There is a certain kind of drama which ends in a positively final way, where everybody dies. Not necessarily all at once: for every hero's final speech — 'O true apothecary! Thy drugs are quick. Thus with a kiss I die'; 'I am dying, Egypt, dying' — there are also intermediate villains who expire with some deatnbed confession, or now-unnecessary mentors who breathe their last assuring the hero that he can manage on his own now. Still, all of the characters are gone by the end. The final act at Elsinore is the definitive example of this: in Radio 4's frivolous sequel Hamlet II, the main characters have to be Fortinbras, the soldier who walks on to deliver the final line of what I guess we should now call Hamlet I, and the castle librarian. This wholesale slaughter of fictional characters is unfashionable today. We tend to see cheap on-screen tragedy, of minor characters expiring in throwaway melodrama, as cheap. Besides, where would our long-form TV shows and cinematic-universe movie franchises be if the characters kept being bumped off?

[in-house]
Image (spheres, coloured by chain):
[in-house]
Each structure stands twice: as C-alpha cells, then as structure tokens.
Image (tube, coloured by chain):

But for much of the history of theatre, audiences not only expected but wanted mortality to be performed and made vivid for them. They were highly sensitive to the plight of the three-dimensional, physically present men and women in front of them. And as Jess Goodman's new collective volume points out — Last Scene of All: Representing Death on the Western Stage — the audience of a play can so to speak have it both ways. They can come back night after night and watch the same actor die again, or reflect that she did it better as Cleopatra than as Lady Macbeth. Blurring with their characters, the actors are both gone and not gone at all, and of course the great dramatists all understood this.

Last Scene of All: Representing Death on the Western Stage is due out in late 2021.

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